International Union of Geological Sciences (IUGS)
The Union was founded in March of 1961 in response to a need to coordinate geoscientific international research programs on a continuing basis. Geoscientists felt that a mechanism was required to take action on global geological problems between the International Geological Congresses, traditionally held every four years. IUGS was also to serve as a vital link in solving problems requiring interdisciplinary input from other international scientific unions operating under the aegis of the International Council For Science (ICSU). Compared to these, IUGS was a "latecomer," although some of its responsibilities had been carried out by the International Geological Congress - a venerable institution over a century old. Since 1961, IUGS has experienced rapid growth in membership, scientific scope and expertise, as well as international prestige
The International Union of Geological Sciences (IUGS), founded in 1961, with 121 national members, representing over a million geoscientists, is one of the World’s largest scientific organizations. It encourages international co-operation and participation in the Earth sciences in relation to human welfare and is a member of the International Science Council (ISC). Membership is open to countries or defined regions. IUGS believes that it is of mutual benefit to establish close links with other organizations engaged in geoscience activities, and especially those organizations whose work relates to some of the major activities of IUGS.
IUGS promotes and encourages the study of geological problems, especially those of world-wide significance, and supports and facilitates international and interdisciplinary cooperation in the Earth sciences.
IUGS gives special consideration to: a) international standards; b) geoscience education; c) geoscience information; d) environmental management and hazards.
IUGS works through topic specific Commissions, Task Groups, and Initiatives as well as Joint Programs with other organizations, that are concerned with a wide range of geologic research of direct interest to governments, industry, and academic groups within the Earth sciences .
IUGS aims to promote development of the Earth sciences through the support of broad-based scientific studies relevant to the entire Earth system; to apply the results of these and other studies to preserving Earth's natural environment, using all natural resources wisely and improving the prosperity of nations and the quality of human life; and to strengthen public awareness of geology and advance geological education in the widest sense.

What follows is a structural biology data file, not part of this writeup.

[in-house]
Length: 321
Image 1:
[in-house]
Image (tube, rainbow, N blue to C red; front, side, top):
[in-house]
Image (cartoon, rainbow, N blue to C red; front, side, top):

IUGS fosters dialogue and communication among the various specialists in earth sciences around the world. It achieves this by organizing international projects and meetings, sponsoring symposia and scientific field trips, and producing publications. Topics addressed span the gamut from fundamental research to its economic and industrial applications, from scientific, environmental and social issues to educational and developmental problems. For example, IUGS is currently involved in:
- identifying and defining the problems critical to an improved understanding of terrestrial and planetary geological processes;
- encouraging formulation and testing of new geological concepts, models, and methodologies;
- focusing effort internationally on the study of critical economic or environmental problems whose resolution may depend on an understanding of geology;
- fostering international agreement on nomenclature and classification in several geoscientific disciplines such as stratigraphy, petrology and tectonics;
- strengthening mechanisms for facilitating international cooperation in geological research and exchange;
- improving publication, dissemination, and use of geological information internationally;
- encouraging new relationships between and among disciplines of science that relate to geology worldwide;
- attracting competent students and research workers who will devote their attention to geology, and to stimulate excellent education for students interested in geology;
- fostering an increased awareness among individual scientists world-wide of what programs are being carried out in geology in each country;
- promoting public understanding and appreciation of the planet earth, its environment in space, and their study; and
- furthering the public welfare by assuring that geology makes appropriate contribution to public policy decisions of an international nature.